AUSTIN, Texas — The state's environmental agency approved an aggressive clean-air plan for the smoggy Houston metropolitan area Wednesday that includes a 55 mph speed limit and unprecedented reductions in emissions from industrial plants.
"If it isn't the most aggressive, it's got to be up there with the top few," said Robert Huston, chairman of the three-member Texas Natural Resource Conservation Commission, which approved the plan unanimously.
Houston, with its refineries and petrochemical plants, is the nation's smoggiest city.
The plan--designed to bring the area into compliance with federal clean-air standards by 2007--is subject to approval by the Environmental Protection Agency.
Gov. George W. Bush must submit the plan to the EPA by the end of the year. Without a plan, the state risks the loss of federal highway money.
The largest pollution cut requires Houston-area industrial plants to reduce smog-causing nitrogen-oxide releases by an average of 90%.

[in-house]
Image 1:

A coalition of 120 companies has argued that cutting industrial emissions more than 75% is not technically or economically feasible.
"If you are overhauling a plant that was built in the '70s, the best you can do . . . is a 50% reduction," said Jim Royner, chairman of the Greater Houston Partnership, which had asked Texas regulators for a reduction target of 80%.
Also under the plan, speed limits would be reduced to 55 mph in the eight-county area. The speed limit on interstate highways in the Houston area is as high as 70 mph, though drivers often go more than 80 mph or 90 mph.
Other provisions call for stricter tailpipe tests for cars and trucks, a morning ban on the use of diesel construction equipment during part of the year, the sale of cleaner diesel fuel, and the retirement or replacement of off-highway diesel equipment.
The restrictions would be phased in through 2007.
The EPA has until October to approve the plan or implement a federal plan.